Women In Islam versus Judaeo-Christian Tradition The Myth & The Reality


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  • Women In Islam versus Judaeo-Christian Tradition The Myth & The Reality



  • 11. Divorce

    The three religions have remarkable differences in their attitudes
    towards divorce. Christianity abhors divorce altogether. The New
    Testament unequivocally advocates the indissolubility of marriage. It
    is attributed to Jesus to have said, "But I tell you that anyone who
    divorces his wife, except for marital unfaithfulness, causes her to
    become adulteress, and anyone who marries the divorced woman commits
    adultery" (Matthew 5:32). This uncompromising ideal is, without a
    doubt, unrealistic. It assumes a state of moral perfection that human
    societies have never achieved. When a couple realises that their
    married life is beyond repair, a ban on divorce will not do them any
    good. Forcing ill-mated couples to remain together against their wills
    is neither effective nor reasonable. No wonder the whole Christian
    world has been obliged to sanction divorce.
    Judaism, on the other hand, allows divorce even without any cause. The
    Old Testament gives the husband the right to divorce his wife even if
    he just dislikes her:  "If a man marries a woman who becomes
    displeasing to him because he finds something indecent about her, and
    he writes her a certificate of divorce, gives it to her and sends her
    from his house, and if after she leaves his house she becomes the wife
    of another man, and her second husband dislikes her and writes her a
    certificate of divorce, gives it to her and sends her from his house,
    or if he dies, then her first husband, who divorced her, is not allowed
    to marry her again after she has been defiled" (Deut. 24:1-4).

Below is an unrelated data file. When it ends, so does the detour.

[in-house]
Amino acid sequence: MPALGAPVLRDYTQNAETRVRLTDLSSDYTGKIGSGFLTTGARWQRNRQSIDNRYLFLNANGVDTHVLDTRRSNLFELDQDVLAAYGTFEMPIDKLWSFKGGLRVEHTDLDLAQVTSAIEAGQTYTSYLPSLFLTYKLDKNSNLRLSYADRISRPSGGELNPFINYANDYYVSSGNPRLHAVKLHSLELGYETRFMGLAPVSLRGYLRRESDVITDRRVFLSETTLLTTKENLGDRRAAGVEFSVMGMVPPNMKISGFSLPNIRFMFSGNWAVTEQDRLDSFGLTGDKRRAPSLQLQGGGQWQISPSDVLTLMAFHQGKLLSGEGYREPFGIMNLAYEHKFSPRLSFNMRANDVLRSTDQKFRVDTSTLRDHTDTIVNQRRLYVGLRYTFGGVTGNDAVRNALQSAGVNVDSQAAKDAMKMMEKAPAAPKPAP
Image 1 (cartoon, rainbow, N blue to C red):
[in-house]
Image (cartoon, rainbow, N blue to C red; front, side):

The above verses have caused some considerable debate among Jewish
    scholars because of their disagreement over the interpretation of the
    words "displeasing", "indecency", and "dislikes" mentioned in the
    verses. The Talmud records their different opinions: "The school of
    Shammai held that a man should not divorce his wife unless he has found
    her guilty of some sexual misconduct, while the school of Hillel say he
    may divorce her even if she has merely spoiled a dish for him. Rabbi
    Akiba says he may divorce her even if he simply finds another woman
    more beautiful than she" (Gittin 90a-b).

    The New Testament follows the Shammaites opinion while Jewish law has
    followed the opinion of the Hillelites and R. Akiba. Since the
    Hillelites view prevailed, it became the unbroken tradition of Jewish
    law to give the husband freedom to divorce his wife without any cause
    at all. The Old Testament not only gives the husband the right to
    divorce his "displeasing" wife, it considers divorcing a "bad wife" an
    obligation: "A bad wife brings humiliation, downcast looks, and a
    wounded heart. Slack of hand and weak of knee is the man whose wife
    fails to make him happy. Woman is the origin of sin, and it is through
    her that we all die. Do not leave a leaky cistern to drip or allow a
    bad wife to say what she likes. If she does not accept your control,
    divorce her and send her away" (Ecclesiasticus 25:25).

    The Talmud has recorded several specific actions by wives which obliged
    their husbands to divorce them: "If she ate in the street, if she drank
    greedily in the street, if she suckled in the street, in every case
    Rabbi Meir says that she must leave her husband" (Git. 89a). The Talmud
    has also made it mandatory to divorce a barren wife (who bore no
    children in a period of ten years): "Our Rabbis taught: If a man took a
    wife and lived with her for ten years and she bore no child, he shall
    divorce her" (Yeb. 64a). Wives, on the other hand, cannot initiate
    divorce under Jewish law. A Jewish wife, however, could claim the right
    to a divorce before a Jewish court provided that a strong reason
    exists. Very few grounds are provided for the wife to make a claim for
    a divorce. These grounds include: A husband with physical defects or
    skin disease, a husband not fulfilling his conjugal responsibilities,
    etc. The Court might support the wife's claim to a divorce but it
    cannot dissolve the marriage. Only the husband can dissolve the
    marriage by giving his wife a bill of divorce. The Court could scourge,
    fine, imprison, and excommunicate him to force him to deliver the
    necessary bill of divorce to his wife. However, if the husband is
    stubborn enough, he can refuse to grant his wife a divorce and keep her
    tied to him indefinitely. Worse still, he can desert her without
    granting her a divorce and leave her unmarried and undivorced. He can
    marry another woman or even live with any single woman out of wedlock
    and have children from her (these children are considered legitimate
    under Jewish law). The deserted wife, on the other hand, cannot marry
    any other man since she is still legally married and she cannot live